Bereavement is a distressing life event, especially for children. The trauma of a sudden loss can result in copious negative health outcomes, including depression, anxiety, substance abuse and less obvious outcomes such as poorer school attendance and achievement and reduced career engagement.
In 2017, Good Shepherd Hospice, a member of Catholic Health Services of Long Island, was awarded a grant from the New York Life Foundation enabling bereavement services to one of its most marginalized patient populations: grieving Hispanic children and their caretakers. In addition to the typical challenges of bereavement counseling, these families are often struggling with other types of trauma that complicate grief, including undocumented citizenship, economic insecurity, homelessness, deportation, discrimination, gang activity, neglect, sexual abuse and substance/alcohol abuse.
The program, which is trauma informed, operates group sessions on an eight-week cycle. The goals of the children’s program are to decrease their sense of isolation, normalize experiences and feelings and assist in the development of proactive coping strategies. The adult group focuses on education and support, including understanding how children grieve based on the child’s developmental level, age, risk and protective factors. Sessions are facilitated by bilingual, culturally competent bereavement specialists.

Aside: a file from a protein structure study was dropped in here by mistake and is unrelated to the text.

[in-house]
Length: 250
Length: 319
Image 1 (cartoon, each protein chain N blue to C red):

A total of 49 educational programs were conducted by bereavement specialists for community entities that interface with grieving children. Good Shepherd Hospice also partnered with Bob Sweeney’s Camp Hope to create a culturally sensitive and inclusive environment for this highly vulnerable population, including a two-day bereavement camp for children and their caregivers and an annual children’s Christmas party.
For more information, contact Maribeth McKeever, LCSW-R, ACHP-SW, director, bereavement, at (631) 828-7628 or email@example.com.